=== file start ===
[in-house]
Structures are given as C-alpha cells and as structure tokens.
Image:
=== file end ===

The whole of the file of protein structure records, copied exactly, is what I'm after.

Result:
[in-house]
Structures are given as C-alpha cells and as structure tokens.
Image: